Seven Psychopaths Review

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  • Seven Psychopaths film still


Dognapping! Vigilante killings! Christopher Walken's cravat! Just a few things you'll find in Martin McDonagh’s wonderfully zany follow-up to In Bruges.

Martin McDonagh’s Seven Psychopaths is a lunatic shaggy dog yarn that’s helplessly in thrall to '90s pop ephemera. As a follow-up to In Bruges, it’s fascinating, often very amusing and certainly a more daring and idiosyncratic (if less instantly crowd-pleasing) cinematic feat.

It’s an unwieldy film about a confused writer that positively heaves with subtext and self-effacing insider barbs. It’s perhaps even more interesting when taken in the light of In Bruges, as McDonagh appears to be using this new film to deconstruct the criticisms levelled at his mischievous debut, most notably whether it's truly possible to sympathise with a murderer.

Colin Farrell plays a washed-up, hooch-addled Irish screenwriter named, ahem, Marty, who is stifled in his attempts to make a new and original statement about screen violence. His gauche, mouthy best pal Billy (a film-stealing Sam Rockwell) wants to help him out, but his time is taken up with kidnapping dogs and ransoming them back to their owners. He executes this scam with the help of Christopher Walken’s laconic, cravat-sporting hustler, Hans, who is attempting to raise the cash to pay for an operation for his terminally ill wife.

All this dog bothering courts the ire of trigger-happy local hood Charlie (Woody Harrelson), especially when Billy messes with the wrong mutt. To say any more would both spoil the fun and undersell the film, as McDonagh flips, remoulds, recounts and digresses at any and every opportunity, distancing himself from a three-act buddy road movie and instead fashioning a verbose, excitable, multi-tentacled essay on male relationships, pedantic semantics and cinematic lore.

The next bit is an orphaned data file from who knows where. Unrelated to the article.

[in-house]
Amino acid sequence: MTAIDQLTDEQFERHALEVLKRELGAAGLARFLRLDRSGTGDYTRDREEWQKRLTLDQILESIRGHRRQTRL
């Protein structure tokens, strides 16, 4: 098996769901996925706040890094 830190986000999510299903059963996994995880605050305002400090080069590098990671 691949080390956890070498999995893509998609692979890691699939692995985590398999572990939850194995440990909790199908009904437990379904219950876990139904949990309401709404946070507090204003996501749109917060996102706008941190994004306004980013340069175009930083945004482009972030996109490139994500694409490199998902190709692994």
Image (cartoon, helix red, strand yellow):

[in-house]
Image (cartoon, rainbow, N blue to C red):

The writer/director’s propensity for wilfully blindsiding the viewer occasionally backfires, coming across as shock for shock’s sake, but he mostly manages to pull off these combative flights of fancy with ribald aplomb.

The director also displays a magpie-like fondness for '90s indie cinema, borrowing the poetic, desert-bound confessional from Takeshi Kitano’s Sonatine, the labyrinthine neo-noir plotting from the Coen brothers’ The Big Lebowski, and every ounce of meta-swagger that he could wring from Tarantino’s Pulp Fiction. Hans’ surname is even Kieslowski. And yet the numerous scenes of bickering and swearing are raised to the level of dark poetry, with one sprawling and hilarious campfire monologue delivered by Rockwell that truly has to be seen to be believed.

But where McDonagh can do no wrong as a writer, he stumbles as a director, often settling for functional medium shots as a way of merely capturing the free-flowing dialogue. There is an awful lot to process in this film, and by the time you reach the home straight there is the vague sense that McDonagh has tied himself in knots.

It’s sometimes hard to gauge how the discursive vignettes interlock with one another, bar the slightly nebulous and unfulfilling suggestion that writing about and researching psychopaths is something of a deadly and unpredictable pursuit. But this is more than a fascinating folly.

It’s an example of an artist pushing both himself and his subject matter to their outer limits. McDonagh is laying dynamite at the base of a decrepit old institution, and it’s invigorating to witness.

Read the review? Now check out our interview with writer/director Martin McDonagh, in which he talks Tarantino, overcoming writer's block and recasting Colin Farrell.

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